Nicole Perry
Center for Undergraduate Research

Undergraduate honors students recognized for research

Mon, 05/06/2013

LAWRENCE — Three undergraduate students in the University Honors Program at the University of Kansas were recognized at the 16th annual Undergraduate Research Symposium for their innovative research projects. 

Joshua Dean, Alex Kong and Kayci Vickers all received the James K. Hitt Award for Outstanding Undergraduate Research at the symposium, which was April 27. The award is administered through the University Honors Program, and it comes with a $500 award.

The Hitt Awards are named in honor of James K. Hitt, whose leadership and dedication at the University of Kansas were evident as a student (as a Summerfield Scholar) and continued during his 32-year career as an influential and innovative administrator at KU, including serving as director of admissions and registrar for many years. The Hitt Awards are presented annually at the Undergraduate Research Symposium to three honors students who are engaged in outstanding research and scholarship.

“The Hitt family has provided a wonderful opportunity to highlight the outstanding research done by KU students in a variety of disciplines,” said Kathleen McCluskey-Fawcett, director of the University Honors Program.

Joshua Dean, a senior from Overland Park majoring in economics, mathematics and political science, presented his research titled “Identifying Factors Affecting Student Transition from Primary to Secondary Education in Selected Developing Countries.” Dean has been working under the guidance of faculty mentor Elizabeth Asiedu, associate professor in economics, and will pursue graduate work in economics at the Massachusetts Institute of Technology, funded by a graduate research fellowship from the National Science Foundation.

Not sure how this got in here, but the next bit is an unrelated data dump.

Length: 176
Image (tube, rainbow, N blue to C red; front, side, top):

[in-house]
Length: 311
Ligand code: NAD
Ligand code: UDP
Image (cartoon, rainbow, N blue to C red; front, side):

Alex Kong, a sophomore from Lawrence who has been accepted into the KU School of Pharmacy, discussed his research, “Evaluating the Mechanism of α-tocopherol-mediated Recovery of Lysosomal Impairments in Neurodegenerative Diseases.” Kong worked with mentor Jeff Krise, associate professor in pharmaceutical chemistry.

Kayci Vickers, a senior from Eudora majoring in behavioral neurosciences, presented “Effects of Transcranial Direct Current Stimulation Over Prefrontal Cortex for Decision Making and Creative Problem Solving.” Vickers worked under the guidance of faculty mentor Evangelia Chrysikou, assistant professor in psychology, and will pursue graduate studies at Drexel University in the fall.

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